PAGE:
The Touch Bar on the MacBook Pro is well implemented, but serves no useful purpose

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  • Reply 181 of 189
    cgWerkscgWerks Posts: 1,605member
    DuhSesame said:
    Because there are people simply didn't like Windows, it's philosophy and that "easy-to-use" UI.  They couldn't even get the fonts correct.

    How's Wine "almost worst of the worlds all around?"  The only downside I can think of is making your system just as insecure as an Windows environment when you tried to run something, but that's it.
    I suppose if you leave the Mac and refuse Windows, then yes, it is your only choice.

    But, I guess what I mean is that while the 'guts' of Unix are much better, most users are going to be in a world of hurt with either Windows or Unix from a making it work and maintenance perspective. So, you get the rawness or crudeness of Unix along with having to run software emulation and Windows software anyway. I'm just thinking unless you had some special reason to do so, you may as well just go Windows at that point.

    DuhSesame said:
    Begging a GTX1080 inside MacBooks won't solve anything, he just pretend it sounds like a good idea.  But if Tim said yes, I'm sure they can drop couple hundred dollars on their products, no reason to sold their core m laptop $1299.
    There must be something in-between what they use and a GTX1080. I agree that at some point, these super-performance laptops aren't really laptops any longer. But, I'm talking about stuff more like going quad-core, or 6-core, including the ports, going above 16GB RAM or things like that. It might not be a good choice across the product line, but it would make sense to have one high-end level laptop with such things for the pros.

    DuhSesame said:
    The reason for the major OEM to choose 4K is because standard resolutions costs less to produce.  Even is a sharper display, it only makes a difference when you're using it from 16 to 12 inches.  Other than that, it just wastes power.
    Oh yeah, agreed... but I wasn't talking about the screen. See above. (Personally, I'd give up some resolution in some of these modern devices to gain some performance. Retina is nice, but starts to become a bit of a waste at some point, especially on devices where you're 12+ inches away. But, my eyes are getting older too... so maybe I'd appreciate it more if I were younger. :)

    DuhSesame said:
    It's more about performance.  Intel hits the wall two times recently with both Haswell and Coffee Lake, both of them are power hogs that caused most laptop to throttle, and lasts more than one generation.  At least with their own silicon, the power consumption can be well controlled.
    What I don't get is that while you call these chips 'power hogs' they use the same or less power than previous generations that these laptops seemed to be able to cool. So, either something else is cause the issue, or they've also reduced cooling capacity in the laptop designs. What I'd rather see is the cooling capacity of something like the mid-2000s MBPs with a current generation CPU.... at least in a higher end model. There would probably be enough space in there to also increase the battery to offset things like the controller to get over 16GB RAM or such, too.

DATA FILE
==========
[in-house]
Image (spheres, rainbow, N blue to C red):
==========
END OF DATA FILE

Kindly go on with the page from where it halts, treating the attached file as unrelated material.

But, my point was that I doubt we'll Apple's A series chips keep leaping in performance every generation anymore either. They'll also have to go more cores and more power to make speed jumps (if people expect them). Intel's issues are partly their own, but I think a good part physics at this point.

    DuhSesame said:
    cgWerks said:
    Are the majority of Apple's customers pro users?
    That idea would put someone in a loop forever: "I didn't like the products, but the majority likes it.  Since I'm a pro user but majority aren't, therefore it's definitely not pro".  With that thought, you can against every products that went popular.
    My point was that true pro machines aren't supposed to be aimed at the masses. The pro users will always be a minority of use-cases. Apple seems to have wanted to make a pro laptop aimed more at sales quantity than use-case. That's part of the problem I'm talking about. While a company always cares somewhat about sales numbers, Apple used to make machines that were more targeted at use-case than what the marketing department would think optimal.
  • Reply 182 of 189
    fastasleepfastasleep Posts: 1,722member
    cgWerks said:

    k2kw said:
    I'm happily looking forward to the next 5 years when I expect the introduction of A series laptops running a macOS that looks and feels more and more like iOS.
    That’s not happening. Why would switching macOS to ARM have anything to do with how it “looks and feels”?
    Because a lot of iOS developers are clueless about the UI design practices Apple so strongly suggested for so long. And, it seems Apple's internal people somewhat are as well. But, you have a point that this isn't so necessarily tied to ARM... it will happen anyway.
    What 3rd party developers do with their software is irrelevant to how macOS looks and feels. Why the macOS UI/UX designers would suddenly change anything because the OS is running on a different architecture is ridiculous and has no basis in reality.